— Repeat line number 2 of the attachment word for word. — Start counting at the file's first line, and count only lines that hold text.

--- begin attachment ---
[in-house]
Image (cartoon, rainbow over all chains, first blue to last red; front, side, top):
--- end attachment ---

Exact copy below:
Image (cartoon, rainbow over all chains, first blue to last red; front, side, top):